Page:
8.
Assessing Product Reliability
8.2. Assumptions/Prerequisites


Create a probability plot and if the points line up approximately on a straight line, the assumed model is a reasonable fit  Graphical plots of reliability
data are quick, useful visual tests of whether a particular model is consistent
with the observed data. The basic idea behind virtually all graphical plotting
techniques is the following:
Points calculated from the data are plotted on a loglog scale and, as long as they line up approximately on a straight line, the analyst can conclude that the data are consistent with the assumed model.If the reliability data consist of (possibly multicensored) failure data from a non repairable population (or a repairable population for which only time to the first failure is considered) then the models are life distribution models such as the exponential, Weibull or lognormal. If the data consist of repair times for a repairable system, then the model might be the NHPP Power Law and the plot would be a Duane Plot. The kinds of plots we will consider for failure data from nonrepairable populations are: For repairable populations we have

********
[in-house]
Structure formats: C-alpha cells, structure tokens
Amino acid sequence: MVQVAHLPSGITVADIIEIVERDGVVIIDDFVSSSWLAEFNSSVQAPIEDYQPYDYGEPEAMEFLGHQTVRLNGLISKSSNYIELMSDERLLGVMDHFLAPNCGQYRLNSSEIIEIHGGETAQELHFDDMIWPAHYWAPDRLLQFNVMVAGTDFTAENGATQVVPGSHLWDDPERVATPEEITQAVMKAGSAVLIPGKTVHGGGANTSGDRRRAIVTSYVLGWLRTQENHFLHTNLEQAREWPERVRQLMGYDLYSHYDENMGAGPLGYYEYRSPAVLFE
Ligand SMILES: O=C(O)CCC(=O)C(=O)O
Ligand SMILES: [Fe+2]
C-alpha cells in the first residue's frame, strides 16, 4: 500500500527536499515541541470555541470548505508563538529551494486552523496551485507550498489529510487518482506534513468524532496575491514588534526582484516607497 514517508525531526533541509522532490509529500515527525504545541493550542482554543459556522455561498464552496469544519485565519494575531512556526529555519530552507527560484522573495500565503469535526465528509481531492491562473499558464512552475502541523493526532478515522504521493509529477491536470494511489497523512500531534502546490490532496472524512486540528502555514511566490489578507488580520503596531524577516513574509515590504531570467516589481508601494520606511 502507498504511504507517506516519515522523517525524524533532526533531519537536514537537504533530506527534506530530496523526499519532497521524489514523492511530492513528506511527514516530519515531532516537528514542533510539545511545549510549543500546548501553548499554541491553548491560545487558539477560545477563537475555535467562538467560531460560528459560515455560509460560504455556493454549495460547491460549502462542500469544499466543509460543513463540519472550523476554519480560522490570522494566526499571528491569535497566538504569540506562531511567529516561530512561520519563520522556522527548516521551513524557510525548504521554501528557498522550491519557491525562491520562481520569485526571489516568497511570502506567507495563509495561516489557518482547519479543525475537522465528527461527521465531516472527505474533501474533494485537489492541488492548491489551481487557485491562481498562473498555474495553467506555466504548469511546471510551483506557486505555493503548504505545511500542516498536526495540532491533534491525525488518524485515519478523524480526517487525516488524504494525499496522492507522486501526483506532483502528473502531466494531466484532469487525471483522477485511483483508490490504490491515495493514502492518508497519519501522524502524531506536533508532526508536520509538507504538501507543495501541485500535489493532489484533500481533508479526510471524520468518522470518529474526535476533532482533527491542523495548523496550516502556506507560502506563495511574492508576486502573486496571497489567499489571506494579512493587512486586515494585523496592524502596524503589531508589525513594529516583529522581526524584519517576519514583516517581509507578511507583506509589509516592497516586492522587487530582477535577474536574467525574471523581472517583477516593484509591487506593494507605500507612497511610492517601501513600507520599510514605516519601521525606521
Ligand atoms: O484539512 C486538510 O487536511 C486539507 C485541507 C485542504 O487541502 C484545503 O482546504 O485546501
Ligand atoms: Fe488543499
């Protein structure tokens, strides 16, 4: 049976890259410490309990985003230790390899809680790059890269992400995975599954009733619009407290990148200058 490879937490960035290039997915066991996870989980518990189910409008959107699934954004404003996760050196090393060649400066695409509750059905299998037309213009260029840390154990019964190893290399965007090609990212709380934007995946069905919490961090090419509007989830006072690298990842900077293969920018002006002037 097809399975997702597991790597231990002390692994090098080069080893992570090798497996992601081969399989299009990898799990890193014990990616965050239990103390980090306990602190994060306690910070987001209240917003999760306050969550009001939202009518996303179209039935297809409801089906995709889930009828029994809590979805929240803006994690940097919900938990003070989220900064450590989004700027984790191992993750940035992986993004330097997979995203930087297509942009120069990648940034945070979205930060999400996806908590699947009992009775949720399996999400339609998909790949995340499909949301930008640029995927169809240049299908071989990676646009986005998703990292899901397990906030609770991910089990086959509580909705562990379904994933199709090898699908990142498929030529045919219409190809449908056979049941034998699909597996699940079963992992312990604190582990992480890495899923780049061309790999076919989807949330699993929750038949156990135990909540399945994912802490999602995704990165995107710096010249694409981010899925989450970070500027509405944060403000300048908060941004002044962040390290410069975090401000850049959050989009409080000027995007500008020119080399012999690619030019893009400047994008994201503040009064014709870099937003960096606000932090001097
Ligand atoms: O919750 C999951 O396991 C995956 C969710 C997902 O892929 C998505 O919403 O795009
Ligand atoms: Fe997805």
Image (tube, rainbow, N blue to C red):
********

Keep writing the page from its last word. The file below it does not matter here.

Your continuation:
Note: Many of the plots discussed in this section can also be used to obtain quick estimates of model parameters. This will be covered in later sections. While there may be other, more accurate ways of estimating parameters, simple graphical estimates can be very handy, especially when other techniques require software programs that are not readily available.